MCTS Exam the first step is to specifically establish the overarching breadth
Within a few years, the old method of IP address class ranges will become obsolete. With the advent of Internet Protocol version 6 (IPv6), the Internet now has simply so many differ- ent addressing assignments available on both the network and host levels that it’s unlikely we?ll run out any time in the near future, but stranger things have happened. Regardless, for the next few years, Internet Protocol version 4 (IPv4) will remain the most commonly used addressing assignment system in use.
When designing a network, the first step is to specifically establish the MCITP: Server Administrator overarching breadth of what your design will need to encompass. This can vary wildly based on budget, number of users, addressing conventions (IPv4 or IPv6), and expectations of growth. At the top level, you first decide the addressing scheme you’re going to use based on your needs within an address range.
IPv4 uses a set of four octets to create an individual, but not necessarily unique, logical address that can be used for the purposes of routing packets across networks. This is then further de?ned by a subnet mask, which partitions the address into different subnets for the purpose of sending and receiving broadcast traffic. At the top level, IP addresses are divided into ?ve different classes that use a certain amounts of bits in the subnet mask for the net- work portion of your network and a certain amount of bits for your various hosts. It’s rare that you’ll discover a network administrator who uses all ?ve classes of IPv4 addresses. For the most part, you are concerned with three different class levels of IP addresses: Class A, Class B, and Class C, which are described in Table 2.1. Each of these addressing classes has its own strengths and weaknesses, in that each can assign only a certain number of IP addresses based on the number of available host bits in the subnet mask.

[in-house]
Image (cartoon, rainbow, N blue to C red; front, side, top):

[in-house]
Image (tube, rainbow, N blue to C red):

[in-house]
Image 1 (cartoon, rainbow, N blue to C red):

Address Class Network Bits Available Host Bits Hosts
Class A 8 24 16,777,214
Class B 16 16 65,534
Class C 24 8 254
Furthermore, each of these classes of networks is assigned certain ranges that will be prede?ned for your network design. Given your address class, you will fall into one of the ranges of Table 2.2.
TABLE 2.2 IPv4 Address Class Network Range
Address Class Network Range
Class A 220.127.116.11 to 18.104.22.168
Class B 22.214.171.124 to 126.96.36.199
Class C 192.0.0.0 to 188.8.131.52
When designing an addressing scheme, choosing (or discovering) your address class is your very first step. You need to determine both how many networks you require in your infrastructure and, perhaps more important, how many users are contained within MCITP these networks. Once you have determined this, you can then begin the process of subnetting your network.
Unlike its younger brother, IPv4, IPv6 no longer uses address classes. Instead, IPv6 uses pre?xes that are subdivided by geographic locations around the world. Within those regions, the addresses are then subdivided more and more until its gets down to the individ- ual level. In effect, this removes the need for the old fallback of the IPv4 addressing system, Network Address Translation (NAT). By design, IPv6 allows for every individual computer to theoretically have both a unique MAC address and a unique logical IP address, because so many addresses are available. Unlike IPv4, IPv6 uses eight quartets, making for a total of 128 bits worth of addressing space available.
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